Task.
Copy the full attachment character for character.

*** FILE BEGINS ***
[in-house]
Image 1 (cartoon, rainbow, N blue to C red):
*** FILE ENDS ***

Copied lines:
[in-house]
Image 1 (cartoon, rainbow, N blue to C red):